Bug 10460 - race involving POSIX timers in exec
race involving POSIX timers in exec
Status: CLOSED CODE_FIX
Product: Timers
Classification: Unclassified
Component: Other
All Linux
: P1 normal
Assigned To: john stultz
:
Depends on:
Blocks:
  Show dependency treegraph
 
Reported: 2008-04-16 15:36 UTC by Austin Clements
Modified: 2008-04-28 09:38 UTC (History)
5 users (show)

See Also:
Kernel Version: 2.6.24
Tree: Mainline
Regression: ---


Attachments
Tickle race condition (2.20 KB, text/x-csrc)
2008-04-16 15:42 UTC, Austin Clements
Details
discard the pending signal when the timer is destroyed (50 bytes, text/plain)
2008-04-22 09:46 UTC, Oleg Nesterov
Details

Description Austin Clements 2008-04-16 15:36:17 UTC
Distribution: Debian sid
Hardware Environment: ThinkPad T42
Problem Description:

According to POSIX, per-process timers (those created by timer_create)
should be "disarmed and deleted" by an exec.  While these timers are
indeed deleted by the time the new process image runs, it's possible
for a signal to arrive _while_ loading the new process image, before
the timers have been deleted.  The timer signal is, in turn, delivered
to the new process, usually killing it.

The exact sequence of events is:

1. The initial process creates a realtime per-process timer, set up to
   deliver a signal when the timer expires.

2. The initial process calls exec().

3. The per-process timer expires, causing the timer signal to be
   queued in the pending signals for the process.
   (kernel/posix-timers.c:posix_timer_event)

4. All of the timers associated with the current process are deleted.
   (fs/exec.c:flush_old_exec -> fs/exec.c:de_thread ->
   kernel/posix-timers.c:exit_itimers)

5. Signal handlers are flushed, setting the action for the timer
   signal to the default, presumably exit.  (fs/exec.c:flush_old_exec
   -> kernel/signal.c:flush_signal_handlers)

6. The kernel finishes loading the new process image.

7. The pending timer signal queued in step 3 gets delivered to the
   unsuspecting exec'd process.

One possible solution would be to remove pending timer-generated
signals after deleting the timers.  These signals are marked with an
si_code of SI_TIMER, so they should be easy to identify.

Unfortunately, simply disabling timers earlier probably isn't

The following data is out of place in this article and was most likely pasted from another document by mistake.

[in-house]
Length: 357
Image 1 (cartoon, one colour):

sufficient to completely eliminate the race condition, unless it can
be guaranteed that timer signals will be disabled between the entry to
the system call and the point where the timers are deleted.
Comment 1 Austin Clements 2008-04-16 15:42:20 UTC
Created attachment 15777 [details]
Tickle race condition

This program tickles the described race condition.  It must be compiled with -lrt because it uses timer_create.

Because it's a race condition, it will try up to 10,000 times or until the child process is terminated with SIGVTALRM.  I set the timer to 0.1 ms, which is always sufficient to produce the race on the first try on my 1.5 GHz Pentium M.  Placing the system under some load exacerbates the problem.

I found that running with
  strace -f -e 'trace=process,timer_create' -e 'signal=!vtalrm'
can be informative.
Comment 2 Andrew Morton 2008-04-16 15:49:22 UTC
cc's added.

I'm rather surprised that this hasn't been seen before.
Comment 3 Oleg Nesterov 2008-04-16 17:11:56 UTC
Austin, I think your analysis is excellent and correct.

But to me this all looks like "expected behaviour". I may be wrong.

This test case creates the source (timer) for the fatal signal (SIGVTALRM)
which has a handler, and does exec(). I think it is very "obvious" that this
signal can kill the task as soon as it "loses" the signal handler, and this
of course happens when the task execs.

Suppose we have a O_CLOEXEC+FASYNC file, and we do fcntl(F_SETSIG, SIGVTALRM).
Now the task can be killed during exec() in the same manner, "as expected".

As you correctly pointed out, we can't fix this problem by disabling the
source of SIGVTALRM earlier, we can enter exec() when the signal is already
pending. And exec() must preserve the pending signals.

Perhaps SI_TIMER signals are "special" ? I don't know.

Anybody?

Oleg.

Comment 4 Oleg Nesterov 2008-04-16 17:29:15 UTC
On 04/17, Oleg Nesterov wrote:
>
> Perhaps SI_TIMER signals are "special" ? I don't know.

Forgot to mention...

flush_signal_handlers() can remove all unblocked signals which have
a handler, this should fix the problem. But again, I am not sure this
would be right.

Oleg.

Comment 5 Austin Clements 2008-04-16 22:41:12 UTC
> But to me this all looks like "expected behaviour". I may be wrong.

I grappled with this for a while, too, before deciding that this
really was not expected behavior.  Consider that the _intent_ of a
per-process timer is to stay within the process boundaries imposed by
a fork or exec.  Delivering the timer signal across such a boundary
violates this intent.

> > Perhaps SI_TIMER signals are "special" ? I don't know.
> 
> Forgot to mention...
>